Fuel is thoroughly mixed with air when it is pressurized by the injection pump and then atomized from the injection nozzle, which improves ignition. The end consequence is total combustibility.
Components of a common rail direct injection
The major components of a common rail direct injection system include:
- Fuel injection pump – pressurizes fuel to high pressure
- High-pressure pipe – sends fuel to the injection nozzle
- Injection nozzle – injects the fuel into the cylinder
- Feed pump – sucks fuel from the fuel tank
- Fuel filter – filtrates the fuel
- Engine control unit
Diagram of a CRDi
The working of a common rail direct injection system CRDi is less complex and can be easily understood. A common rail system is made up of a pressure accumulator (or, to put it another way, a gasoline distribution pipe) positioned along the engine block. A high-pressure multi-cylinder fuel pump supplies the rail. Solenoid valves are used to turn on the injectors. Both the solenoid valves and the fuel pump are controlled electronically.
The injection pressure in a common rail injection system is independent of engine speed and load. As a result, controlling injection parameters is simple. In order to reduce engine noise and NOx emissions, a pilot injection is usually used. The fuel flow is controlled by a needle-and-seat type valve in the injectors. Both the top and bottom of the needle valve are provided with fuel pressure. By bleeding some of the pressure off the top, the pressure on the bottom will drive the needle out of its seat. The fuel will then pour through the nozzle openings.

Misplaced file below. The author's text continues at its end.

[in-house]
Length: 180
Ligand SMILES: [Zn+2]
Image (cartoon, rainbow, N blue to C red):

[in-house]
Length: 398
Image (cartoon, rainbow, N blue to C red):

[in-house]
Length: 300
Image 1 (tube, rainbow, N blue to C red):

Watch the video below to learn more about how a common rail direct injection system works:
Advantages and disadvantages of a common rail direct injection system
The following are the benefits of a CRDi in its various applications:
- It produces 25% more power and torque than a conventional direct injection engine.
- The initial investment is minimal.
- It is possible to get a better pick-up.
- It keeps noise and vibration to a minimum.
- It is possible to get more mileage.
- Emissions are minimal.
- The amount of fuel consumed is reduced.
- It is possible to achieve better results.
Despite the good advantages of the CRDi system, some limitations still occur. Below are the disadvantages of a common rail direct injection in its various applications:
- Expensive Vehicle
- Expensive parts
- Maintenance cost is high
- Complicated design due to many parts
- Understanding Air Injection System
- Different types of injection system in CI engines
- Understanding an indirect injection system
- Understanding a multi-point fuel injection system
- Understanding fuel injection system in automobile engines
Common rail systems offer a level of flexibility that can be used to achieve best-in-class emission control, power, and fuel efficiency. Original Equipment Manufacturers (OEMs) may now design for maximum performance and end-user value across a broad range of machines and applications. That is all for this article, where the definition, applications, functions, components, diagram, working, advantages, and disadvantages of a common rail direct injection are been explained.